Photo credit: https://www.youtube.com/watch?v=OorvN9kOfGE
Arriving with no idea what to expect from the venue or the artists of the night, I arrived at The Deaf Institute, a small and accommodating venue for what was to be three beautiful and very different female singer-songwriter sets. Despite its size, The Deaf Institute did not compromise on character and energy, something that headliner Billie Marten’s friends and family happily contributed to in the crowd. I found myself chatting with some of them, and learnt that since her elegant voice was discovered at 13, her name has caught the interest of tastemakers such as Lucy Rose, BBC Introducing, Reading Festival and Burberry. Now just 17 years old, Billie has found herself headlining her own UK tour.
The night began with Yorkshire trainee accountant and singer Jasmine Kennedy. Humble and slightly shy on stage, Jasmine’s even and soft voice sung of dead rats and Facebook posts. Her artistic inspiration seemed to come from the everyday things we all overlook, and the way she captured the audience with her beautiful voice and impressive guitar accompaniment was something which could be likened to someone bashfully reciting their poem in front of class. Similarly to both Billie and Siv who performed after Jasmine, they all possessed a sweet, self-deprecating humour which successfully created a relationship between the audience and the artists, without being cliché. A clear standout was her LP title song ‘It Made My Teeth Hurt’, allowing us to hear the scope of her voice with her best song of her set.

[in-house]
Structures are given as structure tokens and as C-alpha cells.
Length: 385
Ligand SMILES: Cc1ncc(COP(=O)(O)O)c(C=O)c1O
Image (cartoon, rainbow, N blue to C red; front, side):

This paved the way for the next act Norwegian-born Siv Jakobsen, who possessed the same whimsical air as Kate Bush and Lykke Li. Her vocal range danced from smooth oak to celestial heights in her melancholic twist on Britney Spear’s ‘Toxic’, and she fostered an intense relationship between the audience and her, conversing over her love for performing in churches and her album ‘The Lingering’.
After the venue seemed to have packed out and Billie’s band had set themselves up, Billie walked on stage and shyly picked up her guitar, going straight into her set. What was ironic was that Billie seemed almost surprised that all the people before her were there to see her, despite it being her headline show, murmuring to the crowd “Isn’t it wonderful that you’re all here!”. Needless to say, her voice was delicate and sublime. ‘Lionheart’ in particular was chilling; her singing against the cello, drums and keys was so tender it sounded like a scene from nature. She has a voice which I would be readily put money on its ability to summon woodland creatures due to its beauty. Placing the room in a dream-like atmosphere, Billie portrayed skill and diversity; at one point playing without her band and going acoustic for her song ‘Live’, and even covering with absolute elegance La Roux’s ‘Going in for the Kill’. Overall, the whole set was stunning, with her pure lyrics in the song ‘Milk and Honey’ making the song stand out to me. The gig itself felt intimate and personal; being surrounded by the loved ones of the talent bestowed girl, the way she could notice a phone light when she was being recorded and her humble tone when she mentioned her merchandise on the table a couple meters to her right, created a soft and comfortable bubble I barely wanted to leave. Billie Marten is on her way up, gently and steadily. Make the most of the time she has left in intimate venues, because it reflected her artistry wonderfully and is an experience totally worth going to.